Spanning the northern tip of Palm Beach County and the Southern tip of Martin County, the village of Tequesta is an upscale but laid back water-lover’s paradise. Surrounded on an east, south and west by the waters of the Loxahatchee River, Florida’s Intracoastal, the Jupiter Inlet and the Atlantic Ocean the town offers plenty of opportunities for boating, fishing, snorkeling and diving. Nearby beaches and state parks provide even more recreational opportunities. The beauty of Tequesta is unsurpassed in South Florida and real estate prices remain affordable. The area offers a mix of residences, from oceanfront condominiums and bungalows to modest single family homes and riverfront mansions. Tequesta is home to approximately 6,000 people who have access to both Palm Beach and Martin County’s A-rated schools (depending on which county they live in.) The town is also minutes away from the I-95 and Florida’s Turnpike for easy access to all South Florida has to offer.
The history of Tequesta
In the early 1950s, south of Jonathan Dickinson State Park and the Martin County line, there were only scattered homes along Riverside Drive, County Line Road, and Seabrook Road. In 1955 Charles Prynne “Charlie” Martyn (1911-1983) purchased 350 acres along the north and northwest forks of the Loxahatchee River and laid out 600 home sites priced from $3,900 to $7,500. Although Martyn knew the Tequesta Indians had not lived that far north, he named his subdivision the Tequesta Country Club, preferring the name to Jeaga, the local tribe.
Tequesta was incorporated in 1957 with the Tequesta Country Club as its core. Martyn’s partners, John W. “Jack” Kurtz, Jr. (1930-2009) and Walter Fuller “Bud” Lathrop, Jr. (1918-2004), served as the first village mayor and town clerk, respectively. Originally Charles Martyn proposed a Village of Jupiter Beach that included Tequesta and the Jupiter Inlet Colony, which he had recently developed. Instead, the Village of Tequesta includes most of the land from the northwest fork of the Loxahatchee River, east to the ocean on Jupiter Island, and north to the county line, a total of 1.75 square miles of land. Jupiter Inlet Colony, incorporated in 1959, is excluded. Tequesta became “sister cities” with Jupiter in 1957; they are still often referred to as Jupiter-Tequesta.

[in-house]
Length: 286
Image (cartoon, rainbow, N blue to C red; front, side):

The opening of Tequesta’s golf course, designed by Dick Wilson, was attended by Arnold Palmer and Dow Finsterwald, the club pro and winner of the PGA Championship in 1958. Jack Nicklaus and Gary Player soon joined Finsterwald to play at Tequesta and would later buy homes in northern Palm Beach County. Tequesta received national attention in 1960, when the CBS Sports Spectacular, featuring Ray Milland and Sam Snead, was played at the club, and when Richard M. Nixon, then vice president and running for president for the Republican party, played in a pro-amateur tournament on the Tequesta course. Tequesta Country Club was semi-public until 1963, when the members purchased it from Martyn.
Several subdivisions were built in Tequesta during the early 1960s after big industry arrived in northern Palm Beach County, such as Pratt and Whitney Aircraft (1958) and RCA (1960).